Out of Body Experiences

One area of the paranormal that has risen to prominence since the 1970s is the out-of-body experience, or OBE. This, and the related near death experience, or NDE, has regularly caused bafflement. Do these phenomena offer evidence of wider paranormality, even survival of death? Or are they simply quirks of the mind, with nothing of a paranormal nature actually occurring?
Ernest Hemingway claimed to have had an OBE in Italy in 1918 after being hit by shrapnel from a mortar bomb. He talked of seeing his soul leave his body and float around. Psychologist D Scott Rogo spoke of his OBE in 1965, describing how, whilst lying down, tired, he saw himself walk about the bedroom. However, it is often the case that this soul-body actually sees things itself. Typical was the case of biologist Lyall Watson, when a bus overturned whilst on a safari in Kenya. Knocked unconscious, he found himself looking down at himself. He also saw a trapped boy. Moments later he regained consciousness and immediately dived down to rescue the boy - a boy only seen by his ‘other’ body.
Beliefs in the OBE are worldwide. In the Bible, St Paul seems to describe his own OBE. Also known as Astral Travel, the soul-body was known as the ‘ka’ to the ancient Egyptians. In India it is usually known as the ’siddhi’, whilst the Tibetans call it the ‘bardo-body’. During the 1970s Dean Sheils from Wisconsin studied tribal cultures from around the world and found beliefs in the OBE in 95% of people. Beliefs tend to be just as strong today. For instance, a 1952 survey of 115 students at Duke University by Hornell Hart revealed that 30% thought they had had an OBE. A similar 1966 survey by Celia Green showed that 19% of students asked at Southampton University had had one. A typical modern case was identified by cardiologist Dr Michael Rawlings. He spoke to one patient who could remember what the doctor was wearing and what he did during an emergency procedure. This was impossible because the patient was in a coma at the time.
Following studies by Dr Elizabeth Kubler-Ross and Raymond Moody in the early 1970s, the OBE came to be associated with the Near Death Experience, where, close to death, the patient leaves the body, often gaining extrasensory insight, and then goes down a tunnel before meeting a light. Beyond the light, an afterlife is percieved and the person is judged as to whether they should die or not. A 1982 Gallup Poll claimed that eight million Americans have had such an experience, which can be life changing. The Near Death Experience can, I think, be discounted as a real event. During the 1990s students in Berlin achieved such afterlife images during deep faint, suggesting the experience is psychological in nature. But the extrasensory information available is something else.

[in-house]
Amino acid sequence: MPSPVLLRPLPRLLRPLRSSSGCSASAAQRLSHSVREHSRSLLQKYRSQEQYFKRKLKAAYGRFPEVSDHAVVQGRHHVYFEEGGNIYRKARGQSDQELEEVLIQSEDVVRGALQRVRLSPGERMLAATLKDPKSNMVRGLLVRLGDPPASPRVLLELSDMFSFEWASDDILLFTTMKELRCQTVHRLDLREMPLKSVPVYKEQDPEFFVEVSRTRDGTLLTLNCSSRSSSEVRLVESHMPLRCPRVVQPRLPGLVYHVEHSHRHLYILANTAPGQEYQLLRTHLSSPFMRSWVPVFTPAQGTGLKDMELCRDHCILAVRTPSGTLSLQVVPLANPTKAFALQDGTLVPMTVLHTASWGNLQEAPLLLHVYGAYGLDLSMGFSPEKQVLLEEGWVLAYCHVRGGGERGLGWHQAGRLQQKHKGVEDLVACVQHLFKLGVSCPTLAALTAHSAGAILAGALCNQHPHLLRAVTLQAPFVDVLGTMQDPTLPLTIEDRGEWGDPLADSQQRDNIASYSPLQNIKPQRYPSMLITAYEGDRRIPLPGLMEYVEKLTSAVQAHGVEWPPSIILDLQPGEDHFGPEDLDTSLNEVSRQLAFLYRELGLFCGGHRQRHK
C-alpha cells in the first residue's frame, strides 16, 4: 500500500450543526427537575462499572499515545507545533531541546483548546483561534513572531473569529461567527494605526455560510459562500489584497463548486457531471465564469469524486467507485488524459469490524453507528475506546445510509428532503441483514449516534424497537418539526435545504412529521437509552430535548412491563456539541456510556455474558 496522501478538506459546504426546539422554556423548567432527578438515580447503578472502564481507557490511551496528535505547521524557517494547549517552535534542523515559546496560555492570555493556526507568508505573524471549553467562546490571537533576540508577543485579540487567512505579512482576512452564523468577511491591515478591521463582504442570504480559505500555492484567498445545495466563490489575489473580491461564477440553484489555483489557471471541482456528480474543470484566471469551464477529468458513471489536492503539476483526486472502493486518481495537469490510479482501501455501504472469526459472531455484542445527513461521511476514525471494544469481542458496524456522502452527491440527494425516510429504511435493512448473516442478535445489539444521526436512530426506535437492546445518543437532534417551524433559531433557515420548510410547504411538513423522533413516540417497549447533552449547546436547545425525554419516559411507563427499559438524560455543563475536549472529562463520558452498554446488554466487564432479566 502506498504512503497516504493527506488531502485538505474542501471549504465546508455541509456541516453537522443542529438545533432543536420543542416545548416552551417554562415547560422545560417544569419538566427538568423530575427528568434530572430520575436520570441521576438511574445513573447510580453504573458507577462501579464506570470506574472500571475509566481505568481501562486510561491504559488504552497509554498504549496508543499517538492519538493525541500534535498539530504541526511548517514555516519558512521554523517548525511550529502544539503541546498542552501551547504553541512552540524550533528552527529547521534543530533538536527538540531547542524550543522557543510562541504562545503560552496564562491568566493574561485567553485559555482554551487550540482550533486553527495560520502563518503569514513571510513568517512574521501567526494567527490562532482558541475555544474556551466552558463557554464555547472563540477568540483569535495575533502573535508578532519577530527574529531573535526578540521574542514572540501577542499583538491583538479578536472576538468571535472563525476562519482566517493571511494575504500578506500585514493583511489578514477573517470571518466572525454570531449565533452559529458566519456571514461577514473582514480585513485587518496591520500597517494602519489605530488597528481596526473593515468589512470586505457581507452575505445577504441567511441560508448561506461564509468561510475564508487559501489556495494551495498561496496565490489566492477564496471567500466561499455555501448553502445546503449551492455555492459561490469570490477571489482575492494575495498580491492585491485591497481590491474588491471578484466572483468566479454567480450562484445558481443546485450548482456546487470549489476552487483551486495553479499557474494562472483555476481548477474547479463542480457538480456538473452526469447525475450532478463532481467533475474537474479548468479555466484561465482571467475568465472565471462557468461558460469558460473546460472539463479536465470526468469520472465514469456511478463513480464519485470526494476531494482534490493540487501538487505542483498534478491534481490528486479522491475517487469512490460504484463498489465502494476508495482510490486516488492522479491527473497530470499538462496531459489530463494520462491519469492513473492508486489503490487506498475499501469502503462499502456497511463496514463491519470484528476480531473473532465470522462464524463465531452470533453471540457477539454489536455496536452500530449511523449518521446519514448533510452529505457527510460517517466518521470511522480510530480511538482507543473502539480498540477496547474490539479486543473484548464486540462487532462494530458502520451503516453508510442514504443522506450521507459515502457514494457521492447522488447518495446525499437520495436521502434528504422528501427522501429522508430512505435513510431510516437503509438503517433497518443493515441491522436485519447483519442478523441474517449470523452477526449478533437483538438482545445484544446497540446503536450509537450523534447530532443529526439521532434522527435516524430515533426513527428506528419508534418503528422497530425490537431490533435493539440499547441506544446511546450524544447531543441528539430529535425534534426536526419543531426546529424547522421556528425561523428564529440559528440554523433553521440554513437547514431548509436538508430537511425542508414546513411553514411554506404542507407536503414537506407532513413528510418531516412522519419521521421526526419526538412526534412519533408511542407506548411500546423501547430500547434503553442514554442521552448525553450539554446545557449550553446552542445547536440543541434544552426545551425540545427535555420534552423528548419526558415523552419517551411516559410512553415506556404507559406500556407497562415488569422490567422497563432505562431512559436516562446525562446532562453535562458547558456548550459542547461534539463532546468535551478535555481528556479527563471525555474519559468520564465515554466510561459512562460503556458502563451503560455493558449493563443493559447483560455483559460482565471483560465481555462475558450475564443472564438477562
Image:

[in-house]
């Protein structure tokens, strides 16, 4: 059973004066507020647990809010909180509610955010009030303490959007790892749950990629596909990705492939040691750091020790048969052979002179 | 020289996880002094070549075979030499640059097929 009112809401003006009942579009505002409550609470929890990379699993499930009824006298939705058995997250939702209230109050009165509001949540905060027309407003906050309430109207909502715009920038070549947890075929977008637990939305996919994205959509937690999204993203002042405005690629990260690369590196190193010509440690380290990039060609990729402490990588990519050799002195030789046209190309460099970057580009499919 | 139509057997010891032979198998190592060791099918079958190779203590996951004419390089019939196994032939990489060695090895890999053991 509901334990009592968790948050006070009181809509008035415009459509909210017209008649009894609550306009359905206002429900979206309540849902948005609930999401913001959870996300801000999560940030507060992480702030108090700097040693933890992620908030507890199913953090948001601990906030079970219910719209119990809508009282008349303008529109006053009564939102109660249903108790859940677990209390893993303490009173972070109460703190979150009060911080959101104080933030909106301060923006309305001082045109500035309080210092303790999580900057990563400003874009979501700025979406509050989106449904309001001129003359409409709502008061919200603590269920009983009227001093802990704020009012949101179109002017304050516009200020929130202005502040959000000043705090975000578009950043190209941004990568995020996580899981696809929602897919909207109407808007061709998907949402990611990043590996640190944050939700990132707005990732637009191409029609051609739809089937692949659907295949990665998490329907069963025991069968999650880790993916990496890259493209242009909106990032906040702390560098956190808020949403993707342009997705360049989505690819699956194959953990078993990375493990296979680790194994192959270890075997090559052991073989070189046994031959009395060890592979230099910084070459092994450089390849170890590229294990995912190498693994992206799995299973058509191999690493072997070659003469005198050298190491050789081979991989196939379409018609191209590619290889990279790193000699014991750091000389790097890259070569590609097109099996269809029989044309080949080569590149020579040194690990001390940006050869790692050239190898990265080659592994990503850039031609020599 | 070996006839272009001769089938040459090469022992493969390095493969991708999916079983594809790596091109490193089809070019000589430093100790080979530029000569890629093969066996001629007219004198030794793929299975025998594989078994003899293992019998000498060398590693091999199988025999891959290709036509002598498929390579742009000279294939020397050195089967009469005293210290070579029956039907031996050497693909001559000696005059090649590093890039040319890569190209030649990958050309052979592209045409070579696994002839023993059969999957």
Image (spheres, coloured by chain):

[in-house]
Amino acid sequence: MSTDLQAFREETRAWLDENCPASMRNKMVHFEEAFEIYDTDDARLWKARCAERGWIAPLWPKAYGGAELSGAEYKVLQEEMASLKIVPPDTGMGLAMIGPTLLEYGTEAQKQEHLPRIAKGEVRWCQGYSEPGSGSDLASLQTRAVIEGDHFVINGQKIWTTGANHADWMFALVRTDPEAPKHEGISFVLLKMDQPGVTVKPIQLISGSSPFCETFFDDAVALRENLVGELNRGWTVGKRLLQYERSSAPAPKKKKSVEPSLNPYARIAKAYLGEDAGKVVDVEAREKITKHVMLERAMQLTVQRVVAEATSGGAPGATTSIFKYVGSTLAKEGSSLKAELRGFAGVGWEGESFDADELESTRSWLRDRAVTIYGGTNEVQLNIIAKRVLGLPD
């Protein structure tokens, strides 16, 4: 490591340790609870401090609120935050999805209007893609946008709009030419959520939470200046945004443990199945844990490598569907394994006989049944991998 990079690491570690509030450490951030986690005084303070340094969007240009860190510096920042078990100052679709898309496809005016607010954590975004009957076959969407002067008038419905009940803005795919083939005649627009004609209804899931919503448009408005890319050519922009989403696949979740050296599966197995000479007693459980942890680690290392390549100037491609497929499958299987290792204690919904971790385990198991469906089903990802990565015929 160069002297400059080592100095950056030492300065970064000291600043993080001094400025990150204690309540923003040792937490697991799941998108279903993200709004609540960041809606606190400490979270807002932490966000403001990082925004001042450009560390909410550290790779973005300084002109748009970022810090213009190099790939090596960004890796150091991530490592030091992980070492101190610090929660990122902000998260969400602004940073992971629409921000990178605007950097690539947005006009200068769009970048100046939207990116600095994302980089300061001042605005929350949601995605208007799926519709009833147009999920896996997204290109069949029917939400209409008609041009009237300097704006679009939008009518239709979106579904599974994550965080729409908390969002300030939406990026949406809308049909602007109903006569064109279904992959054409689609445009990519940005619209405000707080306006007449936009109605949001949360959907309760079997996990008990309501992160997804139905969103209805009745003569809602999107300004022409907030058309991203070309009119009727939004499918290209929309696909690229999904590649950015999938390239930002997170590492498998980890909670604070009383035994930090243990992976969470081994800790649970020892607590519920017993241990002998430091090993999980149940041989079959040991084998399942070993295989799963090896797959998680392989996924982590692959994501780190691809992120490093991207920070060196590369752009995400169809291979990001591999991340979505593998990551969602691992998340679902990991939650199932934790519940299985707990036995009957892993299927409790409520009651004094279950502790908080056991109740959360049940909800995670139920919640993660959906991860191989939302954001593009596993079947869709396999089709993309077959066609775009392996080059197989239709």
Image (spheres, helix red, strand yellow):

Some people claim to be regular OBErs, or Astral Travelers. The early 20th century gave us some spectacular claims. Marcel Forhan, known as Yram, claimed to often have OBEs, claiming to have met his wife whilst traveling. The American Sylvan Muldoon was a bedridden, sickly individual who got his only excitement from ‘traveling’, a thing he claimed to do since he was twelve. He claimed that we all do it, our dreams being remembrances of our OBEs. Virginia businessman Robert Monroe claimed to first have an OBE in 1958. He decided to research the subject, going on to claim he had met entities whilst traveling. In 1965 he teamed up with psychologist Dr Charles Tart of the University of California. He rigged up tests where Monroe was to ‘visit’ another room and read a five digit number whilst being monitored. He failed to do so, but often gained information of other rooms and the people around the experimental area. In the early 1970s two other research projects were attempted. American SPR member Dr Karlis Osis monitored subjects whilst they attempted to identify objects and numbers on a platform ten feet above them. One subject, New York artist Ingo Swann, often identified objects on the platform. Dr Robert Morris did experiments with Stuart ‘Blue’ Harary in North Carolina. Blue would ‘travel’ from one building to another, often identifying target pictures and numbers. He had a cat called Spirit. Monroe asked Blue to ‘travel’ to the cat. On occasions Spirit seemed to act as if he recognized Blue’s presence.